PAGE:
Easy Roast Chicken

As I recently wrote on my Instagram, when I was first starting out in therapeutic cooking and nutrition, I was quite intimidated by the idea of making roast chicken. There is so much fear-mongering about roasting a whole bird (What if it’s too dry? What’s if it’s undercooked? What if it’s overcooked?). It’s enough to scare people away from even trying, which is mighty unfortunate because it is one of the most delicious, wholesome, crowd-pleasing, and economical ways to make chicken. So before you even get to the recipe, know that YOU GOT THIS!

This method and recipe is one of the simplest I’ve found. It is lightly based on the roast chicken technique in Mark Bittman’s How to Cook Everything book, and it is very easy to customize. A couple of the tricks here include:

  • Roasting the bird breast side down first, which helps prevent the breast from drying out. I’m including a picture of what “breast side down” looks like in the instructions 🙂
  • Using a dry rub, which locks in the fat from the chicken and makes prep much easier.
  • Layering vegetables on the bottom of the chicken that catch the spices and drippings and provide a wonderful side dish for the meal!

This is a super cost-effective dinner, as you typically get protein for several meals, plus the veggies on the bottom, plus the leftover bones to make chicken stock. We usually keep a bag in the freezer with chicken bones and then make stock whenever we have the time. If you can, choose an organic, pasture-raised chicken. I find that this is the least expensive way to buy good quality chicken. I usually can find my whole organic and pasture-raised chicken for $10-$11, which is a DEAL when a package of only 2 boneless, skinless chicken breasts of the same quality can cost the same, if not more.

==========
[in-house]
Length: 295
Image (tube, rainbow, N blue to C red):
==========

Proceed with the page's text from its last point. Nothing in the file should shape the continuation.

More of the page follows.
One last thing – if you haven’t invested in a meat thermometer yet, it is a must for safely cooking poultry! Always cook to 165 degrees F to ensure it’s not undercooked.

So, are you convinced to try this yet? 🙂 Let me know if you do!

Easy Roast Chicken

An easy and stress-free method for a wholesome (and impressive looking!) meal.
Prep Time30 minutes
Cook Time1 hour 10 minutes
Course: Dinner, Main Course
Keyword: dairy-free, gluten-free, grain-free, low-FODMAP, paleo, SCD, soy-free


  • 2 large carrots cut into large chunks
  • 1 stalk celery cut into large chunks
  • 2 potatoes or rutabagas or other root vegetables cut into large chunks
  • 1 onion omit for low-FODMAP
  • 2 cloves garlic omit for low-FODMAP
  • 1 tablespoon extra virgin olive oil
  • Salt and freshly ground black pepper
  • 1 4-5 lb whole chicken* rinsed and patted dry with paper towels
  • 2-3 tablespoons spice mixture of choice**
  • 1 lemon or lime halved, optional


  • Preheat oven to 450 degrees F.
  • In a medium, oven-safe Dutch oven, layer the cut veggies and toss with the olive oil and a generous sprinkling of salt and pepper. Feel free to add any additional herbs or spices at this point, but I usually just let the spice rub on the chicken itself flavor everything.
  • Rub the chicken with the spice mixture and a generous pinch of salt and pepper, and put the halved lemon or lime in the internal cavity.
  • Place the chicken breast side down (check picture) on top of the veggies and transfer pot to the oven.
  • After 25 minutes, use oven mittens to take the pot out of the oven. With sturdy tongs, turn the bird over so that it is breast side up. Put back in the oven.
  • After 15 minutes, turn the oven down to 350 degrees F. Roast for another 30-35 minutes. This final roasting time can vary greatly depending on your oven and the chicken, so start checking the internal temperature of the bird at around the 25 minute mark. Use a meat thermometer and make sure that, when inserted to the joint area between the thigh and lower leg, it reads 165 degrees F. Also make sure that the juices run clear instead of pink/red.
  • Let the chicken rest for 5-10 minutes before carving, and encourage everyone to take some of the delicious juices and veggies on the bottom to spoon over their plates.


*If the chicken comes with a bag of giblets in the internal cavity, make sure to remove before cooking.
**You can use a pre-made spice blend (check ingredients if you are gluten-free and/or low-FODMAP) or you can make your own. I like to make a quick mix of equal parts smoked paprika, cumin, coriander, and turmeric.

Leave a Reply

Your email address will not be published. Required fields are marked *

Recipe Rating